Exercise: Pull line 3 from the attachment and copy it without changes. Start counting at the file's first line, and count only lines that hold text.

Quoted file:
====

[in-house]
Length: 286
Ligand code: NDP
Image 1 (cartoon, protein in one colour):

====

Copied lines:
Ligand code: NDP